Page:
Iron Man 2
Scarlett's career really entered a new phase when she joined the Marvel Cinematic Universe in the 2010 sequel, Iron Man 2.
Marvel tried to brand her as "Natalie Rushman," Tony Stark's new secretary - but that was back when the studio still didn't understand its rabid fanbase's obsession with uncovering secrets and spoilers: we all knew pretty quickly that Johansson was Marvel's Black Widow.
While most of her Iron Man 2 screen time is pretty subdued (as is the entire film, really), Scarlett really earned her place in the MCU with a climatic hallway fight sequence, which instantly made Black Widow look like a total sexy badass character.
Still one of the best character introductions in MCU history (and worst wigs)!
The Avengers Franchise
We're just going to lump all of Johansson's Avengers and Captain America franchise appearances after Iron Man 2 into one page, because really it's been one long character arc for the actress.
Johansson's Black Widow has been such a badass, well-layered, smart and all-around cool character that she's also become one of the most prevalent in MCU movies!
With each new layer and reveal, Widow gets a little more relatable, lovable, and interesting. Now all we need is for her to get her own movie, Netflix series, something...
Scarlett Johansson is also great at playing sassy, crass, New York/Jersey types, as seen most recently in The Coen Bros.' Hail Caesar! and some funny SNL skits. However, she really took that persona far in Joseph Gordon Levitt's 2013 directorial debut, Don Jon.
In the film, Johansson plays Barbara, a no-nonsense Jersey girl princess type, who is the challenging conquest of Levitt's ladies man character, Don. In a hilarious turn, Johansson starts out as a thick-brogue sweet traditional Italian girl; however, when she has her claws firmly into Don, she instantly becomes a man-eating, dragon-lady overlord, constantly dictating the terms of Don's behavior and their relationship.
If you've ever wanted to see Johansson get "street," or play a mean girl villain type, then Don Jon is a great showcase of that comedic persona the actress keeps tucked in her back pocket. The only question is: given Johansson's New Yorker background, how much of the real her are we seeing?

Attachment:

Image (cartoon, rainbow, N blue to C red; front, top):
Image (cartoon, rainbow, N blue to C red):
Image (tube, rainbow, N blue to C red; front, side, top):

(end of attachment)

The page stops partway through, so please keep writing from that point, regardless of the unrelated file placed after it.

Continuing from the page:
Under the Skin
A lot of people thought this was going to be a prime opportunity to see Johansson onscreen in the buff - and while those moments definitely occur, they don't happen quite the way that people probably hope...
Director Jonathan Glazer's sci-fi/horror arthouse film cleverly uses Johansson's image as a sex symbol as metaphor for the feminine power - but what a lot of people got was a movie that was much weirder and not nearly as titillating as they wanted.
Oddly enough, Johansson is almost as robotic in it as she is in Ghost In The Shell...
Scarlett Johansson doesn't have to physically be onscreen to make a hit movie; as Spike Jonze's Oscar-winning 2013 film proves, just the sound of her voice is enough to entice viewers.
In Her, Johansson plays "Samantha" an A.I. companion in a near future where smartphone devices are a lot smarter, and more personable than the Siri of today. When Joaquin Phoenix's lonely and tech-obsessed writer character brings home the new Samantha operating system, she instantly begins to fill the void left in his heart from a bad breakup.0comments
The film is sold in part because of Phoenix's ability to masterfully act onscreen alone a lot of the time, but the real magic of the story comes from the warmth and personality in Johansson's Samantha; we fall in love with her even as Phoenix's character does.
...Things admittedly get a little weird when ScarJo has to perform a vocal sex scene (yup), but all in all, Her proves her mere presence (physical or not) is enough to make a film great.prev